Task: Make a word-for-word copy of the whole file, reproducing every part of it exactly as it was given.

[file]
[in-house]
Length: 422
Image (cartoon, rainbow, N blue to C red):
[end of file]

[in-house]
Length: 422
Image (cartoon, rainbow, N blue to C red):